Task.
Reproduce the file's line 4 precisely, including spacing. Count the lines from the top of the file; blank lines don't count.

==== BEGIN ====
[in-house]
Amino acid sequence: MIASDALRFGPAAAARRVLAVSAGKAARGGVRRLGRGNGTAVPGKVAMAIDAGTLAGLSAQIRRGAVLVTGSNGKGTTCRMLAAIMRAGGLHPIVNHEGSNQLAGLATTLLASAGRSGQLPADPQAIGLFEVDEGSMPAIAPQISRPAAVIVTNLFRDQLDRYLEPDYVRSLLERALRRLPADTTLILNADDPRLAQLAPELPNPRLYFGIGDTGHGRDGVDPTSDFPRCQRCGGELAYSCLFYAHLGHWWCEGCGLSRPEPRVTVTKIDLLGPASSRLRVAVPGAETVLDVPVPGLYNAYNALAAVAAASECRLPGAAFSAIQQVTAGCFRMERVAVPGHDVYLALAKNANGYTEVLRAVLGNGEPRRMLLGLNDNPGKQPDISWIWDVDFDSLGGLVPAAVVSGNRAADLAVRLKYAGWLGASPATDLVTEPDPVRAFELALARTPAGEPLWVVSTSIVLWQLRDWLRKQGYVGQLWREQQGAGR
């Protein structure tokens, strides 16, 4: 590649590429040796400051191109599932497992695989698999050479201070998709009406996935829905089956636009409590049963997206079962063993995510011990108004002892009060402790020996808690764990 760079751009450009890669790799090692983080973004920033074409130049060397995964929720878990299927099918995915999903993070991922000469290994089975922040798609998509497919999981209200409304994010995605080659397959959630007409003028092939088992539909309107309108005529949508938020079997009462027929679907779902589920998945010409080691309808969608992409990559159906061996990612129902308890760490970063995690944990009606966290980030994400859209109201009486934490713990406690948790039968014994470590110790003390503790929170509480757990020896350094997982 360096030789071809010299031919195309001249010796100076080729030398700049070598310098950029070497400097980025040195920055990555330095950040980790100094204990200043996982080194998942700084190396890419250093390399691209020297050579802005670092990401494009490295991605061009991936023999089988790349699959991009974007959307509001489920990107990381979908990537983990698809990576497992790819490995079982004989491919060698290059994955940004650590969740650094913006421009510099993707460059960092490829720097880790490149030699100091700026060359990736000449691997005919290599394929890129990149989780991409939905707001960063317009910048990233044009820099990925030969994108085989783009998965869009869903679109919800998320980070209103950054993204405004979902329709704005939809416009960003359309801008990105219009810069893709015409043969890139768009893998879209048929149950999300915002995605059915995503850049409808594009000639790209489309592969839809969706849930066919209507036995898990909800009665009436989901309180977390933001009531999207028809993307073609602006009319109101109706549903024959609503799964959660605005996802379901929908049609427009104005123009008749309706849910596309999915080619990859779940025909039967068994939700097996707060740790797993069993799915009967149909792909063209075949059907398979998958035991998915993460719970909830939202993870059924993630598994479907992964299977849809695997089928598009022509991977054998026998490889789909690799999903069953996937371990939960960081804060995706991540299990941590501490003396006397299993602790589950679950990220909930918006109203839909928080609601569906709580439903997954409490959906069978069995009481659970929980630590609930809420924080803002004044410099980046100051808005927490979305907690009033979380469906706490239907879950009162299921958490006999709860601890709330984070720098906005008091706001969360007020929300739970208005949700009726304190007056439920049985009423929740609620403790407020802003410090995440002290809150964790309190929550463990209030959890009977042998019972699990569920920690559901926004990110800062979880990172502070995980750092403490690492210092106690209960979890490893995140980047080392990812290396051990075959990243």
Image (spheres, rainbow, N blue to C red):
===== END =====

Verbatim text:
Image (spheres, rainbow, N blue to C red):